The University curricula include many different methods to complete courses. You may choose any of the listed methods to complete the course.
Students have the right to study during the summer.
The special feature in the University of Tampere is the possibility to select any courses as optional subjects.
Accessible studying. (The Constitution of Finland, section 6, Non-Discrimination Act, section 5, Universities Act, section 37 a, UTA’s Regulations on the Assessment of Studies, section 38, Disability Services Act, section 8 c)
Students have a right to complete their studies unimpeded and receive assessments of their own coursework in proportion to their impediments.
Equality is one of the basic human rights written in the Constitution of Finland. This also applies to unimpeded studying. No one can be put in an unequal position because of an illness, disability or any other reason pertaining to the person in question. All students must be guaranteed equal opportunity to their studies. The Non-Discrimination Act also covers education and forbids discrimination in receiving education. In addition, the education provider has to, if need be, take measures in assuring a disabled person’s access to education and progression in their career.
If a student has an impediment and has a proven limitation like sensory impairments, dyslexia or panic disorder, they can qualify for special assessment practices and alternative ways of completing courses, provided they inform of their impediment in advance. The municipality provides seriously disabled people with personal assistants, should they need it. You can find more information on the University’s accessibility here and on Tamy’s accessibility page.
Receive results on coursework within three weeks. (UTA’s Regulations on the Assessment of Studies, section 29, UTA Regulations on Degrees, section 26-28, UTA Guidelines, section 13, section 16)
Assessing an exam or other coursework can take a maximum of three weeks. If the maximum time is exceeded, the student has a right to demand a grade for their coursework. The three week assessment period is also valid with electronic exams. Coursework done during the summer has a longer assessment period.
Receive rectification on the assessment of coursework or thesis. (Universities Act, section 82, UTA Guidelines, section 16, UTA Regulations on Degrees, section 26-28)
If a student is dissatisfied with the grade received from coursework, they have a right to appeal to the instructor who graded the course or to the person who decided on the number of credits to be transferred. An appeal against a grade received for a course must be lodged within 14 days of the date the student has access to the grade. A student can appeal in writing to the administrator of their faculty. If the student expresses their dissatisfaction with the decision on the request for rectification in aforementioned coursework or thesis included in intermediate studies, they can appeal to the University of Tampere’s Appeals Committee.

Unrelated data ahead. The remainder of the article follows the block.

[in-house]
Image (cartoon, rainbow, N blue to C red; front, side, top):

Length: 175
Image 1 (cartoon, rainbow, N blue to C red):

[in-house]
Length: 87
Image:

A student dissatisfied with the assessment and grade received from coursework in advanced studies can appeal in writing from their Faculty Council. An appeal against a grade received for an advance studies course must be lodged within 14 days of the date the student has access to the grade.
When looking to appeal on coursework, you should first contact the Head of Student Affairs, who will be able to advise you in the appeal process. If the Faculty Council will deem it necessary, they will name a third assessor for your coursework, whose assessment will be decisive.
The University of Tampere’s Appeals Committee cannot reassess advanced studies coursework that has already gone through the appeal process.
Receive feedback on an exam, essay or other coursework. (UTA’s Regulations on the Assessment of Studies, section 2, section 27)
Even studies assessment is a learning situation. This sentence is rarely remembered after coursework is completed. For a student to learn, it is extremely important to receive feedback of their coursework. A grade is not enough, so to guarantee learning it would be good to go over all the work done during a course. Written or oral feedback of coursework gives a student a more comprehensive picture of what areas they might need to work on.
In addition, a student can request for a copy of their exam answers from the teacher responsible for the course up until six months from receiving the exam results. Students are entitled to information about the application of assessment criteria regarding their coursework, and have a right to know the basis for their assessment.